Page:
How to get properly-typed second input for BinaryGeneratorImageFilter?

I’m working with ITK 5.2.1. I created a 2-input filter that subclasses BinaryGeneratorImageFilter. It is instantiated with three separate template types: BinaryGeneratorImageFilter<TIn1, TIn2, Tout>.

Inside my filter, I wanted to get the second input. I did not find a function named “GetInput2()” available, so I tried “this->GetInput(1)” and discovered that it returns the first type, TIn1. Digging through code, I came across code that works with my testing so far:

dynamic_cast<const TIn2*>(this->ProcessObject::GetInput(1))

Is this the accepted methodology? Are there “watchouts” with this approach?

GetInput(0) is the first input, and GetInput(1) is the second one. I think that the code you suggest is the usual approach.

Taking a look at:


it seems that BinaryGeneratorImageFilter “calls” its inputs 1 and 2. And the developer inheriting from it should be aware of this.

I think that @blowekamp wrote that class, so he might comment about it.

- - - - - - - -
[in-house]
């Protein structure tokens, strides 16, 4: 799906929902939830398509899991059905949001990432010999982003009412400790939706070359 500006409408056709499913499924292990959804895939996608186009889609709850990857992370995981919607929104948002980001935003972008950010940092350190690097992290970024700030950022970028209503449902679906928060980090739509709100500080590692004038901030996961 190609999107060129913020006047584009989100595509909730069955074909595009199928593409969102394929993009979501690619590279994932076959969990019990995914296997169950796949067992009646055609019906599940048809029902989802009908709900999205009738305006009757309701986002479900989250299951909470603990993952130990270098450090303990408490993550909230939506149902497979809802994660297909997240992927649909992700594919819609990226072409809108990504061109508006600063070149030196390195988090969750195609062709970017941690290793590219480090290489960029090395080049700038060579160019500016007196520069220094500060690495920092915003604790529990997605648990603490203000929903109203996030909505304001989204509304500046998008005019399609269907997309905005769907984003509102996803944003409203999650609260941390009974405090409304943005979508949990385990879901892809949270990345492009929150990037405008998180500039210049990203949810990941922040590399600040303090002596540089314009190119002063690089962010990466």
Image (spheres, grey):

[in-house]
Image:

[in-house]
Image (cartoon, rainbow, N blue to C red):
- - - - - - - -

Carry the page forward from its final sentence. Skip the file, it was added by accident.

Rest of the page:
For this filter the “watch outs” are that indexed input 0 and 1 could be an image or a constant. Also indexed input 0 is called input 1 and indexed input 1 is called input 2 in the member functions. However these indexed inputs don’t have a “name” per the ProcessObject named object book keeping.

These oddities with the naming is for compatibility with the BinaryFunctorImageFilter.

Since both inputs can be a constant or an image there is not a single return type that GetInput1 ( if it would be implemented) could return. You can see how that is implemented and used here:

It is important to check the results of the dynamic cast to determine if the input might not be an image and may be a constant.

Lastly, if you need to access these input images and are not just configuring a lambda or a functor the usage may be outside of the original design of the filter.

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Thanks @dzenanz and @blowekamp for the comments, they reassure me.

Truthfully, I probably am mis-using the filter slightly and should just correct my code. Basically, I am treating the second input as optional. I had originally written a filter to compute on an entire image and decided later I needed to use a binary image as a mask to constrain which pixels are involved in the computation. I am checking the second input to see if a mask is available.

Optional input are handled rather different. A good class to look at and copy some code from is the: HistogramThresholdImageFilter.

Specifically, the line:

And then in the header the Set/Get Mask methods should be relevant.

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